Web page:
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Working Hours of the World Unite? New International Evidence on Worktime, 1870-1900

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  • Michael Huberman

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Abstract

Assembled by Angus Maddison, the most widely consulted data set on worktime in the long nineteenth century is seriously flawed, because it assumes all countries had British work hours. This paper constructs new measures of worktime in Europe, North America and Australia between 1870 and 1900. With the exception of Great Britain and Australia, work hours were very long. Trends in worktime varied across countries. The length of the workweek was inversely related to the level of income, but there was only a modest tendency toward convergence or catch-up as theory anticipates. National work routines and laws restricting working hours explain some of the divergence, but sectoral effects operated in the other direction. Competing-goods industries, like textiles, saw a race to the bottom. Because long hours were a source of competitive advantage, even the Lancashire textile worker set his watch to Italian time. Le plus connu des corpus de données sur le temps de travail au cours du long dix-neuvième siècle, réuni par Angus Maddison, est sérieusement erroné, car il présume que tous les pays avaient les mêmes heures de travail que celles des Britanniques. Cet article présente de nouvelles mesures du temps de travail pour l'Europe, l'Amérique du Nord et l'Australie, entre 1870 et 1900. À l'exception de la Grande-Bretagne et de l'Australie, les heures de travail étaient très longues, avec des rythmes de décroissance différents selon les pays. La longueur de la semaine de travail était inversement proportionnelle au niveau de revenu, mais avec une légère tendance convergente ou un rattrapage tel que la théorie le prévoyait. Les routines de travail et les lois régissant les heures de travail expliquent certaines différences, mais les particularités sectorielles vont dans le sens opposé. Au sein des industries concurrentielles, comme les textiles, il y avait un nivellement par le bas. Comme les longues heures de travail constituaient un avantage compétitif, même le travailleur du textile au Lancashire a dû ajuster sa montre à l'heure italienne.

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Bibliographic Info

Paper provided by CIRANO in its series CIRANO Working Papers with number 2002s-77.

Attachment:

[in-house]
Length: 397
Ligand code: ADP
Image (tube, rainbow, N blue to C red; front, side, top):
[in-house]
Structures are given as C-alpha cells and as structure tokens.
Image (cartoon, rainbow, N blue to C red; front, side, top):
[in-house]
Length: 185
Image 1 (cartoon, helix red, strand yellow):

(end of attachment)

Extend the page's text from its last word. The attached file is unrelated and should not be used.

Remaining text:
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Date of creation: 01 Sep 2002
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Handle: RePEc:cir:cirwor:2002s-77

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Keywords: Globalization; international trade; work hours; economic integration; Mondialisation; commerce international; temps de travail; intégration économique;

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  1. Jeremy Atack & Fred Bateman & Robert A. Margo, 2000. "Productivity in Manufacturing and the Length of the Working Day: Evidence from the 1880 Census of Manufactures," Macroeconomics 0012003, EconWPA.
  2. Huberman,Michael, 2010. "Escape from the Market," Cambridge Books, Cambridge University Press, number 9780521142663, October.
  3. Jeffrey G. Williamson, 1992. "The Evolution of Global Labor Markets Since 1830 Background Evidence and Hypotheses," NBER Historical Working Papers 0036, National Bureau of Economic Research, Inc.
  4. Atack, Jeremy & Bateman, Fred, 1992. "How Long Was the Workday in 1880?," The Journal of Economic History, Cambridge University Press, vol. 52(01), pages 129-160, March.
  5. Kevin H. O'Rourke & Jeffrey G. Williamson, 2001. "Globalization and History: The Evolution of a Nineteenth-Century Atlantic Economy," MIT Press Books, The MIT Press, edition 1, volume 1, number 0262650592, December.
  6. Voth, Hans-Joachim, 1998. "Time and Work in Eighteenth-Century London," The Journal of Economic History, Cambridge University Press, vol. 58(01), pages 29-58, March.
  7. Gregory Clark & Michael Huberman & Peter H. Lindert, 1995. "A British food puzzle, 1770–1850," Economic History Review, Economic History Society, vol. 48(2), pages 215-237, 05.
  8. Rosenbloom, Joshua L., 1990. "One Market or Many? Labor Market Integration in the Late Nineteenth-Century United States," The Journal of Economic History, Cambridge University Press, vol. 50(01), pages 85-107, March.
  9. Clark, Gregory, 1987. "Why Isn't the Whole World Developed? Lessons from the Cotton Mills," The Journal of Economic History, Cambridge University Press, vol. 47(01), pages 141-173, March.
  10. Crafts, N. F. R., 1997. "The Human Development Index and changes in standards of living: Some historical comparisons," European Review of Economic History, Cambridge University Press, vol. 1(03), pages 299-322, December.
  11. Linda Bell & Richard Freeman, 1994. "Why Do Americans and Germans Work Different Hours?," NBER Working Papers 4808, National Bureau of Economic Research, Inc.
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Cited by:
  1. Paul Levine & Peter McAdam & Peter Welz, 2013. "On Habit and the Socially Efficient Level of Consumption and Work Effort," School of Economics Discussion Papers 0713, School of Economics, University of Surrey.

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